III. I have not been able to unearth much information about Luigi Settanni (August 21, 1908-1984) other than that he was born in Italy and moved to the United States in his twenties. He enrolled at the Philadelphia Museum School (now the University of the Arts) and went on to study at the Barnes Foundation in Merion from 1933-1941, where he became a protege of Dr. Albert C. Barnes. We can infer that Settanni did not have much money and that opportunities to study art could have drawn him to emigrate.

Settanni was able to visit Morocco in early 1935 on a Barnes scholarship. There are eleven paintings by Settanni in the collection of the Barnes Foundation, all made before 1940.   On the evidence of the paintings, he spent considerable time in northern France,  circa 1938-1939. Presumably, it was the outbreak of World War II brought him back to the States. His paintings, even those that portray life in the hard-bitten fishing villages of Brittany, are full of joie de vivre.

Luigi Settanni at the Barnes Foundation

Images:
1. Luigi Settani - Port-Manech, 1939, oil on canvas, Barnes Foundation, Philadelphia.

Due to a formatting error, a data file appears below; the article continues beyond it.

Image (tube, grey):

2. Luigi Settanni - Landscape in Brittany - Pont l'Abbe figure, 1939, oil on canvas, mounted on board, Barnes Foundation.

23 June 2020

An Artist of the Silver Age: Anna Ostroumova-Lebedeva


"How much has been said and written about the White Nights. How they were hated by those who could not get used to them, and how passionately they were loved by others....." - Alexandre Benois

How the northernmost capitol city in the world, bathed in pale light when not shrouded in total  winter darkness, became a city of light-worshiping artists is a story told in silver. From 1890 to 1920 St. Petersburg, Russia was the center of the Russian art world during a period that came to known as the Silver Age. It was also a time of tremendous social and political upheavals.


"Never has classical architecture had so much space to breathe." - Joseph Brodsky from "The Child of Civilization" in Poems and Essays.